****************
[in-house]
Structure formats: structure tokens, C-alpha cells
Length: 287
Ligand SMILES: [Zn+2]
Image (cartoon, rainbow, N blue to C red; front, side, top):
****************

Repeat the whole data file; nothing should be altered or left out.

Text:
[in-house]
Structure formats: structure tokens, C-alpha cells
Length: 287
Ligand SMILES: [Zn+2]
Image (cartoon, rainbow, N blue to C red; front, side, top):